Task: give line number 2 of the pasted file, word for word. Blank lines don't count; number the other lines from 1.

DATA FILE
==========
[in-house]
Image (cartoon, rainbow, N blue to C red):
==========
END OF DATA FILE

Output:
Image (cartoon, rainbow, N blue to C red):